Also notice that you will always get a remainder less than the number of parts you want.


First of all, make sure you don't use a floating point number to represent dollars and cents (see other posts for why, but the simple reason is that not all decimal numbers can be represented as floats, e.g., $1.79).

Here's one way of doing it:

decimal total = 143.13m;
int numberOfEntries = 5;
decimal unadjustedEntryAmount = total / numberOfEntries;
decimal leftoverAmount = total - (unadjustedEntryAmount * numberOfEntries);
int numberOfPenniesToDistribute = leftoverAmount * 100;
int numberOfUnadjustedEntries = numberOfEntries - numberOfPenniesToDistribute;

So now you have the unadjusted amounts of 28.62, and then you have to decide how to distribute the remainder. You can either distribute an extra penny to each one starting at the top or at the bottom (looks like you want from the bottom).

for (int i = 0; i < numberOfUnadjustedEntries; i++) {

for (int i = 0; i < numberOfPenniesToDistribute; i++) {
  Console.WriteLine(unadjustedEntryAmount + 0.01m);

You could also add the entire remainder to the first or last entries. Finally, depending on the accounting needs, you could also create a separate transaction for the remainder.


If you have a float that is guaranteed exactly two digits of precision, what about this (pseudocode):

amount = amount * 100 (convert to cents)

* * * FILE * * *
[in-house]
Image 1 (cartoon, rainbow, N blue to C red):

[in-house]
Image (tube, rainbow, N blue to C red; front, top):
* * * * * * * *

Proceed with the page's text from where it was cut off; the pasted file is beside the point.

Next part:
int[] amounts = new int[divisor]
for (i = 0; i < divisor; i++) amounts[i] = amount / divisor
extra = amount % divisor
for (i = 0; i < extra; i++) amounts[i]++

and then do whatever you want with amounts, which are in cents - you could convert back to floats if you absolutely had to, or format as dollars and cents.

If not clear, the point of all this is not just to divide a float value evenly but to divide a monetary amount as evenly as possible, given that cents are an indivisible unit of USD. To the OP: let me know if this isn't what you wanted.

  • 3
    float is bad bad bad... should never recommend float for money – user195488 Jan 11 '10 at 1:38
  • 4
    It's not my fault that the OP says he is starting with floats. If you had bothered to read my response, rather than blindly modding down, you would see that I immediately converted to int. – danben Jan 11 '10 at 1:45

You can use the algorithm in the question you're referencing by multipling by 100, using the integer evenly divide function, and then dividing each of the results by 100 (assuming you only want to handle 2 dp, if you want 3dp multiple by 1000 etc)

  • As with Nick's response, this will lose a couple of cents (in the given example) – danben Jan 11 '10 at 1:31

It is also possible to use C# iterator generation to make Guffa's answer more convenient:

public static IEnumerable<decimal> Divide(decimal amount, int numBuckets)
    while(numBuckets > 0)
        // determine the next amount to return...
        var partialAmount = Math.Round(amount / numBuckets, 2);
        yield return partialAmount;
        // reduce th remaining amount and #buckets
        // to account for previously yielded values
        amount -= partialAmount;